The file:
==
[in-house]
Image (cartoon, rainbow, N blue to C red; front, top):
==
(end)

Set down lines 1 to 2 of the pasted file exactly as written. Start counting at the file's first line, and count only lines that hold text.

[in-house]
Image (cartoon, rainbow, N blue to C red; front, top):